Vice Admiral William S. Sims, Commander, United States Naval Forces Operating in European Waters, to Secretary of the Navy Josephus Daniels
3rd September 1917
From:- Force Commander
To :- Secretary of the Navy (Operations).
Subject:- Transporting troops and supplies to Europe.
1. The following information is forwarded for the information of the Department. The data is furnished by the British Admiralty and is based on the experience of supplying troops in France during the present war. It is believed this data is approximately correct.
2. PERSONNEL. To transport a division of 20,000 men complete in every respect, with heavy gear, including horses, land transport and so forth, there are required approximately 150,000 gross tons of shipping. Vessels from the United States should make a round trip every seven weeks or seven complete trips a year. 150,000 gross tons of shipping would, therefore, transport 140,000 men in a year. To transport a million men across the Atlantic in the year would take more than a million gross tons of shipping.
3. STORES. A division requires each week 2,200 tons of stores of all descriptions, including food, munitions and so forth.
4. Store ships should make a round trip in eight weeks or six and a half trips a year. To supply a million men in Europe, there would be required 880,000 tons of shipping continuously employed. It should be understood, however, that this maximum amount of shipping for carrying stores would not be reached until a million men had actually been transported.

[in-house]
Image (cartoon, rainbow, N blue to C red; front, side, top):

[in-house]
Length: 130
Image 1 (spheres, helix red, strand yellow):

5. After all the troops had arrived, the full amount of shipping for stores would be required together with the shipping necessary to carry reinforcements, remounts and so forth.
6. It is likely that a number of hospital ships would be needed as well.
Wm S. Sims,
TROOP TRANSPORT SPECIAL LETTERS 7 Copies
TROOP SHIPS REQUIRED FOR TRANSPORT OF ARMY TO FRANCE
The following vessels have carried troops across the Atlantic, and the number of gross tons required for each man
is averages about 6 tons gross. The following data is available:
The ratio in the smaller vessels is one man to 5.7
In the OLYMPIC it is one to 7.7. We may assume that under average conditions it will take six gross tons to transport one man. This is merely for troop transport and is entirely aside from the question handling baggage, artillery, horses, supplies and so forth, although on the type of vessel employed as a troop transport a limited amount of baggage and so forth can be carried in addition to the troops.
The average vessel will make a round trip from America in about six weeks. Assuming that it was necessary to put a million troops in France by May 1, starting in October (a period of 30 weeks) there would be time enough for five round trips each carrying 200,000 troops.
On the basis of six gross tons to one man, those would be required one million two hundred thousand tons gross shipping, or 150 ships of 8,000 tons gross continuously employed in this business.
The United States has taken over and is modifying sixteen former German liners, having a total gross tonnage of 275,000. Assuming that all sixteen of these vessels could be ready at once, they would bring over each trip 46,000 men, and up to May 1, assuming transport began the 1st October, they would bring over 130,000 men, and if continued for a year they would bring over 400,000 troops.
It should be understood that the foregoing appertains merely to the amount of tonnage required for troop transports. The supply transport is all in addition to the foregoing.